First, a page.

Profile Image for USOM.
2,332 reviews193 followers
February 19, 2020
(Disclaimer: I received this book from the publisher. This has not impacted my review which is unbiased and honest.)

When I heard about Unspeakable I was immediately excited. There's such a lack of queer representation in what we might consider the 'traditional cannon' that this feels like a huge leap to address this. Unspeakable is such a fabulous anthology. It features stories about queer love, and characters existing in these spaces. Their ability to be heroes. To walk into dark basements at night. To confront the darkness. I think my favorite story has to be one that gives me serious "Bluebeard" vibes.
Profile Image for Mehsi.
11.6k reviews359 followers
December 11, 2020
I received this book from Caffeine Tours in exchange of an honest review.

I am so so so so hyped for this book. I may have read it before, or at least parts of it as a couple of stories were recognisable to me. But I still had tons of fun and found many new stories to enjoy. I like the diversity in the stories. And how creepy some of them were.

For each story I have written a small review to tell what I thought about the story. Did I like it? What wasn’t too my taste. That kind of stuff. Since this is an anthology I didn’t love everything, but I found plenty to like and also love.

Let Down by Claire Hamilton Russell: Star rating, 4.5 stars A great beginning to the anthology. This is a dark Rapunzel retelling and I loved it a lot. It had great characters, the Lady… I just wanted to give her a big hug, the poor thing has been through so much and has given up all hope. The one who wants to save her is brave and I admired their tenacity to not give up despite the pain. The ending was just so sweet and made me very happy.

Moonlight by Ally Kölzow: Star rating, 4.5 stars I recognise this story! Things in the walls. Forever running around always forgetting always remembering and forgetting. It was sad in many ways. But also very creepy. That ticking of the clock, the time running out. The things you see in the house. The ending just broke my heart.

An Account of Service at Meryll Point by C.L.: Star rating, 2 starsSorry, but what? While the story had some good moments, because you are curious about what is lurking in the tower. Is it a lover? Is it a demon? A witch? What is up there. Will someone open the door? It was also a bit too longwinded for me and I just got a bit bored. The ending… I am still not sure what is happening there. Is the lord the lady? Did our lord like to dress up? Was that it?

The White Door by Lindsay King-Miller: Star rating, 5 stars Another one I recognise. But this story was amazing, creepy, spooky, gruesome and OMG. I love the tension and how you could soon see that something was lurking in the house, that something was terribly wrong and that you should run run run and run. The ending, oh boy! Love that. Really well-written.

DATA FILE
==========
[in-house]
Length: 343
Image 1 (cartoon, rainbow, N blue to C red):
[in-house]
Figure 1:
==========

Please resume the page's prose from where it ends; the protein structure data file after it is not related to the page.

Doctor Barlowe’s Mirror by Avery Kit Malone: Star rating, 3 stars Not entirely my kind of story and at times it was a bit boring. The mirror/window reminded me, because of how often the guy longed to visit it, of Harry Potters Mirror of ERISED. I was just shouting at the two guys to close that danged mirror/window because I just got a big case of heebiejeebies because of it. I knew something was deadly wrong with that thing.

Laguna and the Engkanto by Katalina Watt: Star rating, 3 stars A bit weird, a bit strange, and at times a bit off-putting. I did love that the girl kept her connection to the sea, to the water. That she rediscovered it even further when she got older. I am still curious about the marks and what they mean. I have some thoughts, but I would have liked some more explanation about it. The ending, oh my gosh, that is one way to end a story. 😛

The Moon in the Glass by Jude Reid: Star rating, 5 stars: HOLY SHIRTBALLS. This story started off quite creepy but got more and more creepy as the story continued. THIS WAS AMAZING.

Brideprice: S.T. Gibson: Star rating, 1 stars: I would have enjoyed this better if I had any clue what the hell was going on. Blood? A dude with too many wives? More Blood? Russia? Something something?

Lure of the Abyss by Jenna MacDonald: Star rating, 3 stars: A good start, there were many creepy moments, but I don’t know.. I think this one could have been some pages shorter, now it just felt a bit long at times and I noticed my attention slipping. The ending was a bit sudden.